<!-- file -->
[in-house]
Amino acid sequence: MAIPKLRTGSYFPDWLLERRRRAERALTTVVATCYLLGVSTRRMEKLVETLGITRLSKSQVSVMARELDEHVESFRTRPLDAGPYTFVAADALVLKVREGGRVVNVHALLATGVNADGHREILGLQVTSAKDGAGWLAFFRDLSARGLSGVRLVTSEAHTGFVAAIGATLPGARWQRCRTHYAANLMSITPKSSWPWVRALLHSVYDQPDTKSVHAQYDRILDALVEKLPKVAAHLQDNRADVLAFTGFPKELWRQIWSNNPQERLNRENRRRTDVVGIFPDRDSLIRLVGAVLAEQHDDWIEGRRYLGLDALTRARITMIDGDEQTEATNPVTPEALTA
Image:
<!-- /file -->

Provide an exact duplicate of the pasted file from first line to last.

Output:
[in-house]
Amino acid sequence: MAIPKLRTGSYFPDWLLERRRRAERALTTVVATCYLLGVSTRRMEKLVETLGITRLSKSQVSVMARELDEHVESFRTRPLDAGPYTFVAADALVLKVREGGRVVNVHALLATGVNADGHREILGLQVTSAKDGAGWLAFFRDLSARGLSGVRLVTSEAHTGFVAAIGATLPGARWQRCRTHYAANLMSITPKSSWPWVRALLHSVYDQPDTKSVHAQYDRILDALVEKLPKVAAHLQDNRADVLAFTGFPKELWRQIWSNNPQERLNRENRRRTDVVGIFPDRDSLIRLVGAVLAEQHDDWIEGRRYLGLDALTRARITMIDGDEQTEATNPVTPEALTA
Image: